Sunday, 20 May 2012

Build Review - Hobby Boss 1/48 F3H-2M Demon

This one is being built as a commission. Have heard great things about it, and it's a subject that has been sorely overlooked by most kit manufacturers in the past. And I do have something of a soft spot for the U.S. naval schemes, even if they are two a penny in the modelling world.

The box contents look very promising indeed. The mouldings are perfection itself and there is a bit of etch to keep the detail fanatics happy. Let's see if it builds to expectations.

In true Hobby Boss style, the instructions are really well printed and clear, and they are one of those manufacturers that takes the trouble to put the full colour name in the painting call outs! Listen and learn, Revell and Airfix. It really saves hassle looking the things up all the time.

In the usual fashion, we start with the cockpit tub. Decals are supplied for the instrument panels but the actual parts are well moulded with detail so I discarded these and went for dry brushing and picking out items with a fine brush. It all goes together very nicely but my one gripe is with the ejection seat. I had already read that it represented the early (and quickly rejected) type but my main concern is that its actually a very poor looking seat that still looked unimpressive even when dressed up with some etched belts. I could not live with this so promptly ordered in the fine Pavla resin replacement item that also represents the later, and more typical, seat. Otherwise I know I would be regretting it for ever more. Once painted up this finally looked the part!

The cockpit tub fits into a separate fuselage nose section which went together with no problems, and this then fits inside the main fuselage and creates the air intakes at the same time. This was a serious engineering risk on the part of the kit designers as if there were any fit problems it would be very tough to get right, but all credit to Hobby Boss, everything clicked perfectly in place! The only problem is the lack of vertical support for the nose wheel bay which I had to press down through the as yet unfitted radome whilst the glue set to avoid some major gaps. If you are building one of these - add something to press down on the bay before fitting the front of the fuselage, you will be glad you did.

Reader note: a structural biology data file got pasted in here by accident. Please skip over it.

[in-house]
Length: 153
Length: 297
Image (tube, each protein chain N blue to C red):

I filled the radome with lead shot before fitting it - there is no mention of nose weight required in the instructions but my sixth sense told me I would need this. In the end, I was proven right and it still only just avoided sitting on its tail - you have been warned.

I gave the whole fuselage a good rub down to clear the seam lines, which were not bad but still noticeable, and next we came to the one real problem area with this kit - the wings. They can be built folded, but I never go for that. A minor gripe is that the etched wing fences supplied are a very nice idea and go on well, but they are far too tall. So I cut a significant groove into the wing to bed them down as best I could. But the main problem with the wings is that they do NOT sit on the fuselage properly and I have read similar comments from other reviewers. So my solution was to position them as best I could, which involved trimming down the locating lugs somewhat, then trickling glue into the (significant) seams, then setting it aside carefully strapped in position to dry. The seams (which were up to 2mm in places) were then filled with putty and filler and carefully sanded down. The tail elevators has a similar problem - now I know they are rotational but the size of the gap was just plain wrong so I had to fix and fill them as well.